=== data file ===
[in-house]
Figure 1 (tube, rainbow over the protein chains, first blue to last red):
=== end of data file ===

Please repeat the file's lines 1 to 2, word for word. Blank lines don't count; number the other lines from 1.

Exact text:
[in-house]
Figure 1 (tube, rainbow over the protein chains, first blue to last red):